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Curio 14 released

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Posted by Lothar Scholz
May 23, 2020 at 10:50 AM

 

For me Curio is like a child with OneNote and PowerPoint as parents.

It’s more a graphic program for generating presentations from notes then the note taking itself.

Just like OneNote my huge problems are that all graphic representations become very fast unproductive and too complex when you have lots of notes (and a lot is as small like 50).
Then you cant get around lists and searchs. The only help i get from curio is a better brainstorming during the initial creation. But after this all the lack of easy reorganization is hitting hard.

With mindmaps you have at least some auto layout algorithms that can help you rearrange the data when it becomes big, but then it loses all the benefit of nice and condensed presentation. Curio offers nothing to help you.

I think Tinderbox (which i do not own and never used beyond the 20 notes in the free version) is a bit better then Curio because you can use the outline mode as an equally supported view into your notes.

 

 


Posted by Amontillado
May 24, 2020 at 02:49 AM

 

For me, Tinderbox was too much like an IDE for information - but part of that impression is probably my fault for not understanding the Tinderbox way of doing things.

Regarding performance, the Curio welcome file is pretty big. I think there are close to 300 “idea spaces” in it.

But if it doesn’t serve your use, then it’s not a good tool.

Lothar Scholz wrote:
For me Curio is like a child with OneNote and PowerPoint as parents.
> >It’s more a graphic program for generating presentations from notes then
>the note taking itself.
> >Just like OneNote my huge problems are that all graphic representations
>become very fast unproductive and too complex when you have lots of
>notes (and a lot is as small like 50).
>Then you cant get around lists and searchs. The only help i get from
>curio is a better brainstorming during the initial creation. But after
>this all the lack of easy reorganization is hitting hard.
> >With mindmaps you have at least some auto layout algorithms that can
>help you rearrange the data when it becomes big, but then it loses all
>the benefit of nice and condensed presentation. Curio offers nothing to
>help you.
> >I think Tinderbox (which i do not own and never used beyond the 20 notes
>in the free version) is a bit better then Curio because you can use the
>outline mode as an equally supported view into your notes.
> >
>

 


Posted by mprazoff
May 24, 2020 at 03:53 AM

 

I agree that the utility of Curio can be hard to grasp, possibly because it is not directly comparable to other programs. For a few years, I was doing a weekly Idea Space in Curio and daily diary updates in the now defunct Circus Ponies Notebook. After a few years, I went back to review both and was surprised to discover that they sounded like they were written by two completely different people. The text based outlines in CP Notebook captured my dominant hemisphere, while Curio captured creative, non-verbal parts of me. One captured what I did and what I had for supper, while Curio captured my hopes, beliefs and aspirations.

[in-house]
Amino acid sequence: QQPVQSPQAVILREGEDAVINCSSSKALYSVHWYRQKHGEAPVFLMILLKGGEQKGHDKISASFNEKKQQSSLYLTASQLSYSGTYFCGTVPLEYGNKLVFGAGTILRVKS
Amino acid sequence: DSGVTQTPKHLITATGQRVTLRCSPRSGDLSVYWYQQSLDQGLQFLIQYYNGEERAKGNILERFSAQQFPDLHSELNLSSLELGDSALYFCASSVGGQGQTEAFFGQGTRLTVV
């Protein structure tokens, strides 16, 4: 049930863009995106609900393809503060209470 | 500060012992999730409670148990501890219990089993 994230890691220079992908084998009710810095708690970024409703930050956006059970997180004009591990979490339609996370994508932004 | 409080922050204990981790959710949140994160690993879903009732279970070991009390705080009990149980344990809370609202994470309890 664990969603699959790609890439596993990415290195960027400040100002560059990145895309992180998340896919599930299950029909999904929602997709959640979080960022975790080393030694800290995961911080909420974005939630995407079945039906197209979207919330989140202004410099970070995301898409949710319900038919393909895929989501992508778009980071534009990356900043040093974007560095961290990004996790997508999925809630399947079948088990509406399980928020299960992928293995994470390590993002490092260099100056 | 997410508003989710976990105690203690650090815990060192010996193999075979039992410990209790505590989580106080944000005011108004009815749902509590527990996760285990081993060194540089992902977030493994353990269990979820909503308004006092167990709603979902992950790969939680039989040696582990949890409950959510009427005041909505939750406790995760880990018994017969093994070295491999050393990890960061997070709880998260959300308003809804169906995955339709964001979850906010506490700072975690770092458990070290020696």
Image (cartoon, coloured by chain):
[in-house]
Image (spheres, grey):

While Curio can be used as an outline-based, linear note taker, I agree that it is a bit cumbersome compared with programs designed expressly for that purpose. But it excels in other areas. I have used Curio to mock up logos and visual campaigns, and to find the best words to describe a business for use on a web-site. I have used it to take heavily visual notes on software use, where screenshots, arrows and callouts all help the final product. I most recently used it to create “mood boards” of various solutions for a home renovation project, with different idea spaces for flooring, lighting and so on. I generally do not find mind mapping useful because nodes can only contain a few words. In Curio I can create a few sentences and style them with a background and text box. Through use of clicking and modifier keys, similarly styled text boxes can be created using a variety of arrows and connectors. As I work out the flow of software use, I can place a software’s icon onto this kind of map - and Curio maintains a library of these often used images, while new ones can be found using the Sleuth function in Curio.

Perhaps the best description of Curio is that it is “thinking software.”

 


Posted by washere
May 24, 2020 at 04:59 AM

 

https://www.youtube.com/watch?v=p5Ed_vCOKY4

 


Posted by Amontillado
May 24, 2020 at 11:54 AM

 

>Perhaps the best description of Curio is that it is “thinking
>software.”

That’s what I use it for.

The performance issues mentioned in this thread must have gotten fixed before I started using Curio, which was about six months ago. The Welcome to Curio database has at least 300 idea spaces, all of which are fairly “busy”. it doesn’t seem to show performance issues, at least to my eye.

If I had to choose between One Note and Curio, I would greatly prefer Curio—but I respect opinions counter to mine.

 


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